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The Wonders of Life

Joe Dunne

Joe Dunne

A billion years—how about 5.43 billion years? That, according to Google, is how long the earth has been around. In my mind, that borders on incomprehensible. I look up to the sky and am mesmerized by the countless stars, each a sun with who knows how many planets circling. The questions fly through my mind, but it all comes down to this:  how does this miracle of life work? What drives the migration of millions of species around the globe to a pre-determined spot on or under our earth. Each species is guided accurately to a specific spot on the globe—by air, on land and under the seas—thousands of miles away. Unlike us, they never miss. They don’t show up in Europe when they set out for Australia. Who times these migrations? Who invented their GPS?

          How does a 12-year-old write a symphony? How does the earth really work? What is the connection between millions of light years and today? How does a magnetic force that connects the moon and earth come about? It all feels like perfect order.

          Then, the world shifts, and natural disasters come calling. The earth’s surface erupts. A blizzard or hurricane causes wide spread damage. Ice caps melt too rapidly. Mass flooding wipes out whole towns. Even the leaning tower of Pisa has leaned too far. Yet it all seems to be part of the world rebalancing. As life and time ticks along, change happens. I am reminded of this saying: The more things change, the more they seem to stay the same. But do they? In a larger sense, I think they do. The beat changes but the rhythm of life, of the universe, of the unknown carries on. At least, so far it has, and I hope it always will.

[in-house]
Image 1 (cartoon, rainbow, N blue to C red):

What an unbelievable world we live in. When I pay attention, I am humbled. When my ego strays too far I need only to look around—to the sky, the oceans, the moon—to come back to the right size. Somehow, we are all tied in to this massive scope of time. I know I will never understand it all, but I am reminded how important it is to do the right thing. I hope over the next 5 or 6 billion years, we are living in Martin Luther King’s dream and John Lennon’s “Imagine” lyrics as a way of life. 

In peace, love and laughter,

 Joe

 

 

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